Collect or prepare financial statements. Whether seeking a grant or applying for a loan, have documents prepared which show cash flow. Supplement this with a balance sheet, which will summarize existing debt and the value of assets. Also note any off-farm income planned to support the business. Extension fact sheets with step-by-step instructions on building financial statements (cash flow, balance sheet, income statement) are available on osufacts.okstate.edu.
Keep records. This will assist in management of the two previously mentioned practices. Depending on the type of operation, daily, weekly, monthly and annual records of income, expenses, production, purchases and sales of assets will help you and a lender or grant provider make the most informed decision when it comes to funding your operation. The OSU Agricultural Economics Department offers a variety of resources to assist producers in adapting Quicken, an inexpensive personal finance software tool, for farm and ranch financial recordkeeping (agecon.okstate.edu/quicken).
Grant Writing Basics
Read the request or call for proposals carefully. Make sure your goals align with the funder’s mission. If what you want to achieve doesn’t match well with the agency or organization’s call for proposals, look elsewhere. If unsure, ask. Most calls for proposals include contact information. Save yourself time, energy and frustration by avoiding a mismatch early on.
Follow the instructions. This seems easy enough, but grant applications often are not considered due to the applicant’s failure to read and follow the instructions. Government agencies must strictly follow announced rules. Failure to comply with the requirements leads to quick disqualification. An incomplete application or one in which not all directions were followed is dismissed, despite how well written or innovative the proposed project.
Study the evaluation criteria. Some calls for proposals note the weights given to different components of the proposal. While no segment should be skipped, pay special attention to segments given large weights.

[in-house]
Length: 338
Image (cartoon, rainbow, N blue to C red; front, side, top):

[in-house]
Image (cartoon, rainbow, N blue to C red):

Start early. Many grants and some microloans require letters of recommendation or a professional/specialist’s endorsement for your proposed project. To receive a good letter of recommendation or endorsement, the writer will need to understand the proposal. Provide them with an abstract, outline or even full proposal early on to allow plenty of time for their review of your proposal and development of a recommendation prior to the submission deadline.
Make an outline. Grant writing can be a daunting task. Once goals and priorities are set, construct an outline of what you plan to submit. This will likely include a narrative, timeline and a budget submission. Calls for proposals often specifically outline the required information. Read through the instructions step-by-step and form the proposal accordingly. Not only will this help create a logical thought flow, it will ensure all the points required by the funder are addressed. The University of Wisconsin provides logic model templates, which help organize proposals through a focus on the sequence of actions associated with the proposed project, including components such as inputs, outputs, outcomes, assumptions and external factors (http://www.uwex.edu/ces/pdande/evaluation/evallogicmodel.html).